Composting 101

Learn all about composting!

If there’s one thing magical about this world, it’s that you can turn poop into food. Compost is the natural process by which organic waste breaks down into nutrient-rich fertilizer. It happens whether we make a pile of food scraps in our yard or not, but when it happens in a landfill, it doesn’t do anyone any good.

Instead of paying for chemical varieties, why not use this free, organic fertilizer instead?

Making Good Use of Waste

Thirty percent of the waste that ends up in our landfills is from the kitchen, which means we could reduce what’s going into these trash heaps by a whopping third if we all composted. San Francisco championed city composting when they mandated it in 2009, and about 90 cities have created composting programs since then.

Even if you are lucky enough to be in a city that composts, making your own compost pile is fun and allows you to use the fertilizer you produce in your own garden. We love learning to make something that we normally have to purchase. What’s good for your wallet is often good for the environment, too.

When it comes to starting compost, I think people imagine it to be more difficult than it really is. There are a lot of ways to go about churning out this magical substance, so today we are outlining three options, and trying to answer any burning questions you may have standing in your way of digging in!

Composting: The Basics

Composting can be done inside or outside, depending on what kind of space you have and what kind of system you want to create. And it doesn’t have to smell! In fact, smelly compost is usually a sign that something’s gone wrong.

What Can You Put in Your Compost?

City composting systems are huge and can handle pretty much anything plant-based or edible that you throw in there. When you do it at home, however, you want to be careful. Avoid adding animal products or oil (but read on for an exception to this rule).

Method 1: Classic Indoor Bin Compost

This kind of compost is aerobic, meaning it needs oxygen to function properly. You’ll be able to toss in most of your kitchen scraps, but skip animal products and oil. Resist the lazy devil on your shoulder telling you to plop an entire grapefruit, sticker and all, into your compost. It’s best to cut scraps into smaller pieces to promote quicker decomposition.

Building your compost bin:

To start your compost system, all you need is a plastic container with a lid. Buckets from hardware stores with screw top lids work well. If you want to put it under your sink, go with something small. Keep in mind that smaller compost piles will not get as hot—thus it can take up to a year to yield mature compost. For this reason, it’s a good idea to buy a few bins, so when one if full and decomposing, you can have another to put your new scraps in.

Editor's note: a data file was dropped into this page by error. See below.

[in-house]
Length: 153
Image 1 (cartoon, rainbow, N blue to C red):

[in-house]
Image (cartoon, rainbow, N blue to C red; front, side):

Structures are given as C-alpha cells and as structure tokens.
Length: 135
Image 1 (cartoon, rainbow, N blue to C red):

If you want something with no DIY required, automatic compost bins such as Naturemills makes are pretty easy. I mean, the people on their homepage are able to engage in flirtatious office behavior all while composting their extra lunch. Impressive!

Drill holes in the bottom and sides of your bin to allow air to circulate. This will actually help your compost smell less, since lack of air circulation can cause smelly problems. Place a tray underneath the bin to catch the “compost tea.” This stuff is potent and can be diluted 100:1 and applied to plants, as well. It’s great for your pipes, too, so don’t feel bad if you just pour it down your drain. If your bin is outside, let the soil soak up the compost tea.

The compost recipe:

If your system is small, avoid adding things that will take a long time to decompose, and especially things that attract rodents. They are not invited to the compost party. Things to avoid are animal products (including waste from your pets), anything with oil on it, magazines, diseased garden material, and anything laminated (so no tetra packs that your almond milk or orange juice comes in).

The compost ratio:

Color code your compost! The mix should be a pretty even mix of “green” (nitrogen rich) and “brown” (carbon rich) waste. Layer the two, ending with brown waste on top. Brown waste can include nutshells, newspaper and shredded documents, egg cartons, compostable cups, hay, straw, matches, toilet paper rolls, tissues (skip those that are medicated or scented), or even wine corks. Green waste is your veggie and fruit scraps, and also eggshells, horse or cow manure, grass clippings, and used pet bedding if the pet does not eat meat.

To get your compost cooking, you can add chicken droppings if you’ve got some lying around, tea made from comfrey, nettles, white valerian, or even human urine. Yup. You can add one of these things each time you start a new bin.